How to grill vegetables

In this video, Daria shares how you can create a grilled vegetable platter that has the “wow factor” in taste and presentation.

With the wealth of great family recipes that have become the cornerstone of her business, Daria says they may find their way in a cookbook someday. But for now she’s focused on her business and perhaps expanding her brand into the realm of event consulting.

But in the meantime, Daria shares a quick and easy baked bean recipe. The food hack is to use canned beans. The method is to cook the beans in a cast iron skillet slowly in the oven,  stirring them frequently, and adding more barbecue sauce, butter and yes pancake syrup to keep them moist and saucy if they begin to dry out. Daria says, “The more love, time and care you put into your food preparation, the better it is going to taste.”

You can follow Daria on Facebook at https://www.facebook.com/LeSassier-Catering-Events-242470832545353/.  Now – get cooking!

Chef Daria’s Easy Baked Beans

Darias baked beans

Ingredients
48 ounce can of Bush Vegetarian Baked Beans
½ cup barbecue sauce
2 tablespoons  mustard
½ cup pancake syrup
½ cup brown sugar
1 cup diced brown onion
3 tablespoons of melted butter

Method
In a bowl, mix all of the ingredients together and pour into a cast iron skillet. Bake at 350 degrees Fahrenheit for about an hour until the beans become thicken.  Stir them several times during the hour.  If beans start to become dry, add more barbecue sauce, syrup or butte, to  your taste.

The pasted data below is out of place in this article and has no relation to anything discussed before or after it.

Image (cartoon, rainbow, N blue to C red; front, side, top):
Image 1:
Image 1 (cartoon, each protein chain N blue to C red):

A place where culinary dreams come true

epicuriousWe are unquestionably an epicurious culture.

We get a lot of help from the wave of new food blogs, magazines, and articles now delivered to our smart phones each day to the wealth of cooking classes and schools available for those with cooking aspirations and culinary dreams.

And let’s not leave out the explosion of network food and cooking shows that range from instructive to pure cooking competitions. Oh but the culinary rock stars that have emerged from this epicurean explosion are as awe-inspiring as they are  entertaining.

I’ve been fortunate enough to not only meet a local culinary rock star –  who just happens to a Los Angeles native –  but I’ve had the opportunity to attend his cooking school too.

Chef Eric’s Culinary Classroom

Chef Eric and school

Left: Chef Eric Crowley. Right: Chef Eric’s Culinary Classroom.

Chef Eric Crowley founded Chef Eric’s Culinary Classroom in 2003 (located in West Los Angeles)  where he offers many recreational, individual, couples, kids, and professional cooking classes. He’s a media favorite with frequent appearances on local stations KTLA, KCAL 9, NBC 4, FOX 11 as well as BET, E! Entertainment and more.